Despite carbon capture’s role in the battle against climate change, there is also a concern about the negative consequences that its use has directly on the environment. Unsurprisingly, CCS plants use around 20% more energy which can indirectly increase emissions through the process of extracting and transporting the carbon. The negative impacts on the air as a result of the processes include increases in particulate matter and Nitrogen Oxide as well as a three-fold increase in levels of ammonia emitted from energy plants. The ammonia levels also lead to the formation of particulate matter, an especially dangerous form of air pollution that can enter the respiratory system and potentially degrade human health. In accommodating these increased energy needs, the mining and transport of fuels like coal will produce its own set of known environmental damages (“The Negatives of Carbon Capture and Storage”). Another host of issues emerge when considering the likely occurrence of gradual leakage of CO2 from the pipelines transporting it and the reservoirs containing it. This could stem from incorrectly choosing a site or from a failure to prepare it correctly, and the limited use of CCS means that we cannot understand the true reliability of storage sites. The leakage of C02 underground can harm surrounding plants and animals and potentially contaminate groundwater and cause acidification in aquifers (Vinca et al.). Because the principal intention of carbon capture is to better the environment, the environmental costs imposed by carbon capture should be considered when determining the sustainability of the solution.

Image result for carbon capture

Another major concern about proliferating CCS methods questions the behavior that it inherently encourages. With the exception of some new technology that attempts to pull carbon straight from the air, CCS technology is intended for plants burning fossil fuel. In marrying itself to the fossil fuel industry, tax credits and incentives for CCS directly benefit industries many environmental advocates want distance from. This is money spent that could be dedicated towards developing better technology for harvesting renewable energy sources, as well as making those sources economically feasible. In addition, carbon sequestration can actually be used to harvest more fossil fuels, seemingly contradicting the original intention of the technology. Large projects are beginning to notice this, such as NET Power’s natural gas plant outside Houston. They have captured public attention as they attempt to capture 100% of carbon emissions produced by the plant in an economical way. Their lower cost has been achieved by utilizing “commercial uses for that captured CO2, like plastics, chemicals and building materials. One of the biggest uses for CO2, however, is enhanced oil recovery: injecting carbon dioxide into the earth to help extract greater quantities of fossil fuels” (Jeffries). Using the environmental initiative of scrubbing natural gas of CO2 in order to pull out excess oil from the ground can seem counterintuitive. If implementing carbon sequestration undercuts greater efforts to reduce our dependence on fossil fuels and consume less energy in general, there needs to be a thorough discourse as to its net consequence.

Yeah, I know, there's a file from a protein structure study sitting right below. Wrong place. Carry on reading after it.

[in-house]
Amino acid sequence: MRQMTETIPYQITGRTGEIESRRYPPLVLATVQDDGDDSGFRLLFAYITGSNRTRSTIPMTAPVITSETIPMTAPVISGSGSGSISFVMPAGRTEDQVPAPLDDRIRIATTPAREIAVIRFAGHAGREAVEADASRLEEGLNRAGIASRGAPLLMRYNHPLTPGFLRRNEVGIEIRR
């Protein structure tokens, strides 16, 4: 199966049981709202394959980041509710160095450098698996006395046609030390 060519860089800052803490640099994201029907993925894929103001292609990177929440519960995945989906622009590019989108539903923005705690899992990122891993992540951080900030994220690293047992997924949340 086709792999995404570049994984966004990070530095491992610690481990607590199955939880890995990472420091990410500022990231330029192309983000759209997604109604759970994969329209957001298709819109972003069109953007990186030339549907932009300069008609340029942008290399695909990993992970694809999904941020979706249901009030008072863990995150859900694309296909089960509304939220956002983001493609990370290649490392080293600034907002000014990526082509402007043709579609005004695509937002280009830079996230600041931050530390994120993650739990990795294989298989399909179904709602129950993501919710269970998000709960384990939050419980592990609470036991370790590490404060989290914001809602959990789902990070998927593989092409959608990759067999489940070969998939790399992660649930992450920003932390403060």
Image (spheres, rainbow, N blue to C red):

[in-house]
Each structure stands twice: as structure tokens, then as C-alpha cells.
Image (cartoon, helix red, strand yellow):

The prospect of carbon capture promises an idealistic world where we can avoid climate disaster while maintaining our current energy industries. However, creating a sustainable world requires more than simply adding scrubbers to existing coal and natural gas power plants. Since CCS use can directly degrade the environment and encourage continued dependence on fossil fuels, we must factor these externalities into the high cost of carbon sequestration that invariably burdens public funds. While there are some merits to the technology, resources are likely better dedicated to solutions with greater net gain and more sustainable outcomes.

Works Cited

“Carbon Dioxide Capture and Sequestration: Overview.” EPA, Environmental Protection Agency, 6 Jan. 2017,

Jeffries, Alan. “This Power Plant Has Cracked Carbon Capture.”, Bloomberg, 3 July 2018,

“The Negatives of Carbon Capture and Storage.” Climate Vision RSS, 26 July 2015,

“Sources of Greenhouse Gas Emissions.” EPA, Environmental Protection Agency, 11 Apr. 2018,

Talbot, David. “Carbon Sequestration: Too Little, Too Late?” MIT Technology Review, MIT Technology Review, 13 Oct. 2014,

Temple, James. “The Carbon-Capture Era May Finally Be Starting.” MIT Technology Review, MIT Technology Review, 20 Feb. 2018,

Vinca, Adriano, et al. “Bearing the Cost of Stored Carbon Leakage.” Frontiers, Frontiers, 24 Apr. 2018,